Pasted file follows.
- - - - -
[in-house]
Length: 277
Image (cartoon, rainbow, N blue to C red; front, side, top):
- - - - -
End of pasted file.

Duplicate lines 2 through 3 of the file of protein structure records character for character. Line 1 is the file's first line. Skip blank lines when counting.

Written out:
Length: 277
Image (cartoon, rainbow, N blue to C red; front, side, top):